Southwest Airlines cancelled hundreds of additional flights Monday after a weekend of severe service disruptions.

Southwest had cancelled about 365 flights by Monday morning — 10% of the day’s schedule — and over 600 were delayed.

Dallas-based airline had 1,900 flights canceled on Saturday and Sunday due to weather and air traffic control problems.

Southwest Airlines’ explanation was rebuffed by the Federal Aviation Administration. This agency provides air traffic control services. Southwest Airlines was the only airline that reported such a high percentage of cancelled and delayed flights during the weekend.

Southwest Airlines Co. shares briefly plunged more than 4% Monday, but they recovered somewhat and were back at 2% late in the morning.

After the union representing its pilots requested a federal court to stop the airline from ordering that all employees be vaccinated against COVID-19, the widespread disruptions started. Although the union claimed it didn’t oppose vaccinations, it stated in a Friday filing that Southwest must negotiate before it takes such a step.

The full extent of Southwest’s operations meltdown was revealed over the weekend. Pilots’ union denied reports that they were holding a sickout or slowdown in protest at the vaccine mandate. Southwest Airlines Pilots Association stated that it has not authorized and will not condone any job action.

Another explanation was offered by the union: Southwest’s operation had “become brittle and subjected to massive failures under slightest pressure” due to a lack support from the company. The union lamented the “already strained” relationship between the union and the company.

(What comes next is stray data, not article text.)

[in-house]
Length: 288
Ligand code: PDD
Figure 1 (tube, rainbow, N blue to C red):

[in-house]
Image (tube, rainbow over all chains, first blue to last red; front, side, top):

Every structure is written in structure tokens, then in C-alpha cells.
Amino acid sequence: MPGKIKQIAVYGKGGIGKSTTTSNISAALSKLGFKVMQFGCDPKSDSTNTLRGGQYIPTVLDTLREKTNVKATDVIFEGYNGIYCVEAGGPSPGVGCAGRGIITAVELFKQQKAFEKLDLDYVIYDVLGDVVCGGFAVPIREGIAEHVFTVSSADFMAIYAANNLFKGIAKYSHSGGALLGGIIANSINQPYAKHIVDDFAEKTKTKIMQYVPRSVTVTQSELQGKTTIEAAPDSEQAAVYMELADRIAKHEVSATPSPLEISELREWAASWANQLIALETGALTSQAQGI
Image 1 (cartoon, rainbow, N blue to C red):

Because airlines get paid through federal contracts, the White House has forced them to adopt vaccine mandates. This makes them subject to President Joe Biden’s order that federal contractors must require vaccinations among their employees.

United Airlines was the first major U.S. airline to announce a vaccination requirement. Even after Biden’s order to federal contractors and large employers, Southwest had not spoken out. Southwest finally told workers last week that they had to be fully vaccinated before Dec. 8 if they want to keep their jobs. Workers may request to skip shots if they are needed for religious or medical reasons.

Raymond James’ airline analyst Savanthi Syth said that the weekend problems at Southwest will cause an increase in Southwest’s costs and worsen union relations.

Southwest has had a difficult summer due to high numbers of cancelled and delayed flights. It announced in August that it would reduce its September schedule by 27 flights per day (or less than 1%) and 162 flights per day (4.5%) from October through November.